I get this question a lot:
Training in cross country will help us perform better in soccer—Right?
On the surface, it sounds like a good idea. It’s necessary for soccer players to run on the field. So, training cross country will help a player perform better.
But, when you dig into the mechanics of each sport, it doesn’t work as well. The principle of Specificity says that you’ve got to train your muscles and your energy in the sport that you’re going to play. That’s the best way to get the performance results you’re looking for.
So, cross country training will benefit you for a long-distance run. But soccer-specific training will benefit your soccer performance. Soccer and cross country are two different sports.
Given this principle, it’s possible to say that running is part of soccer and should be included in training—but in shorter durations and higher intensities than those performed by athletes who aim to run 5km, 10km,...
I believe that the biggest mistake youth players can make is to think he/she is good enough and to get comfortable. I think we have all made that mistake at one point in our lives, unfortunately, but being aware of the risk of settling is a first step in progress.
Look at the Cristiano Ronaldo and Messi for example. They can stay on top for a long time because they don’t get comfortable. Their mindsets are programmed to always look for growth. Some youth players, on the other hand, may make a top team or start for their high school team as freshmen and think that they have already reached the top and are already big time players. Then later on they wonder why they stop developing and are not as good as they used to be.
They got comfortable.
It is very important for youth players to program their mindset to be one of constant growth.
Remember this famous phrase from Ronaldo: ''If you think you are perfect, then you will never be.”...
Every young footballer gets moved around to play in different positions when they first start playing the game. This helps with a player’s development so he/she can get used to seeing the field from different angles, being in different situations and gaining experience and confidence in each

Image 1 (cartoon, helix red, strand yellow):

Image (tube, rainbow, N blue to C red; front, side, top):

of the positions.
However, at one point, players need to find that position that best suits them. The older they get, they must be realistic with themselves and have a primary position where they can comfortably play and make an impact for their team.
Here are a few tips to find the position that best fits you:
It's finally here. Tryouts!!!
You've spent the last few months preparing. All of those training sessions, 1on1, small group and team training under hot, cold and rainy weather are about to be tested.
Soon, you’ll be stepping on the pitch knowing a spot on the team is on the line, and even though you may have done everything you can to make sure you're offered a spot on the team, I know the tryouts can still bring on stress for a lot of players.
Some of you may experience Sports Performance Anxiety, AKA "choking", which lowers your athletic performance due to too much stress. However, you can overcome it by focusing on being present in the tryout and on your performance.
If you think too much about the outcome, you will ultimately hurt your performance. Instead, focus on the moment and making your decisions freely of what feels right in that moment. Don’t worry about the coaches- if they are looking at you in a positive way, or if you need to do more.
There are going to be those days. When it feels like you can’t do anything right, everyone seems
better than you, and your confidence is definitely down, my advice is: don’t worry- it happens to all
of us. And here are a few ways to help you move past it:
Gratitude. It may not be easy at first but look at the positives you’ve got going on. Be grateful that
you get to play the game you love, have teammates you’re friends with, and get to challenge
yourself and compete. Gratitude is the quickest way to get rid of negative feelings a reset your mind.
Focus on the next opportunity. If you messed up on the last play or even if the whole last game was
a disaster, focus on the next play or the next game. Don’t dwell on the past, and instead put all your
energy into making sure your next opportunity is successful. Remember, failure is just a learning
experience so that you can improve for next time.
Visualize overcoming the obstacle. Sometimes you’re going through...
Covid -19 has thrown off everyone’s daily routine and it is definitely a time to adapt to new things until everything is back to normal.
With soccer clubs’ activities being pushed back to at least April 15th, youth players, more than never, need to take charge of their games to not fall behind.
We are glad to continue working with our players as much as possible, taking all the precautions needed and also offering live online training sessions complete with an online library of drills.
Here are three things that youth soccer players should be focusing during this time:
Bodyweight workouts. You can still get great workouts in without a field to train on. There are many different bodyweight workouts you can do at home!
Stay on top of nutrition. It’s difficult and tempting to slack on nutrition without training or games to hold you accountable. But this is when you need to hold yourself accountable. PLEASE continue to eat healthy.
Tight space drills....